In 1889 James was suffering from ill health, due to a tumour for which he had received treatment for a number of years. He and his family took up residence in Stalbrook house, on the corner of Milton and Church Streets in Ashfield. The property is described as an elegant, well-built, and commodious 2-storey brick house. slate roof, containing a wide hall, drawing and dining rooms, four bedrooms, bathroom, sewing-room, kitchen with Slee’s large cooking stove, front and back verandah as well as a balcony, with fruit trees and a garden.
James Smith died in Sydney in 1891 and listed his mother as Mary Sheridan. James’ headstone acknowledges his origins as County Longford, all details matching Thomas’ death certificate.
Children of James and Ellen Smith
John Thomas born in 1862, Binalong, NSW. Married Margaret Lackey in 1897 in Sydney and died May 6, 1955.
Anne born in 1863, Binalong NSW. Married John Kelly in 1886 in Hay, NSW. Lived in Whitton and then Jerilderie. They had 8 children. Anne died November 7, 1941, at Jerilderie, NSW.
Mary Ann born 1865. Married April 16, 1897, to Arthur Cashel in New Zealand. They had 1 daughter, Georgina. Arthur died in 1902 and Mary remarried in 1906 to Henry John Cashel. They had a daughter Vera and a son Arthur. Mary died on December 4, 1957, in Auckland, New Zealand.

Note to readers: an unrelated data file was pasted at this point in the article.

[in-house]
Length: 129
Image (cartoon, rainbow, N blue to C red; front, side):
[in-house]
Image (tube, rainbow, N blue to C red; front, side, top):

Patrick Francis born on April 23, 1866. Married Charlotte Biggs in Sydney, in 1902. Died June 7, 1934, in Granville, NSW. They had 3 children.
James Stephen born in April 1870. Died December 3, 1893, in Ashfield, NSW.
Hannah May born in 1871. Married George Fletcher Wild on April 29, 1897, in Sydney, NSW. Died March 23, 1934, at sea between Australia and New Zealand. They had 3 children.
Bridget born 1873. Died January 28th, 1905 in Kew Victoria.
Ellen born in 1874, Narrandera, NSW. Died in South Melbourne, 1829.
Thomas Michael born in February 1876, in Narrandera, NSW. Died August 10, 1893, in Sydney, NSW.
Catherine (Mother Mary Cecilia) born in 1878 in Narrandera, NSW. Professed as a Sister of Mercy at Forbes on November 3, 1897. Died 24th August 1953 at Forbes, NSW.
Martha Margarita born on June 9, 1881, in Narrandera, NSW. Married James Lackey in 1909 in Sydney. Died 1924 In Ashfield, NSW. They had one daughter, Josephine.